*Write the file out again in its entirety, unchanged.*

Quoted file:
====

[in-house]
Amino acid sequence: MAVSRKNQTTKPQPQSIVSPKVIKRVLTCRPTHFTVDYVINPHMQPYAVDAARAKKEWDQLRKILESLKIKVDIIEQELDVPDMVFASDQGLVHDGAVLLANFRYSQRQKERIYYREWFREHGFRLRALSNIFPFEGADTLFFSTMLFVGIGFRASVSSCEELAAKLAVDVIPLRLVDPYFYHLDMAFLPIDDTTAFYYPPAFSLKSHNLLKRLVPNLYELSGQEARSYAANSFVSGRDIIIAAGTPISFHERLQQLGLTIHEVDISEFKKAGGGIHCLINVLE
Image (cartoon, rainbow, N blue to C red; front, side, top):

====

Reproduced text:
[in-house]
Amino acid sequence: MAVSRKNQTTKPQPQSIVSPKVIKRVLTCRPTHFTVDYVINPHMQPYAVDAARAKKEWDQLRKILESLKIKVDIIEQELDVPDMVFASDQGLVHDGAVLLANFRYSQRQKERIYYREWFREHGFRLRALSNIFPFEGADTLFFSTMLFVGIGFRASVSSCEELAAKLAVDVIPLRLVDPYFYHLDMAFLPIDDTTAFYYPPAFSLKSHNLLKRLVPNLYELSGQEARSYAANSFVSGRDIIIAAGTPISFHERLQQLGLTIHEVDISEFKKAGGGIHCLINVLE
Image (cartoon, rainbow, N blue to C red; front, side, top):